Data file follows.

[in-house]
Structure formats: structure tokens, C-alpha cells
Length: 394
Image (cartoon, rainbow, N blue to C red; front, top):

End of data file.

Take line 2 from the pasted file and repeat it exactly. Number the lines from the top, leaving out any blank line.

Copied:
Structure formats: structure tokens, C-alpha cells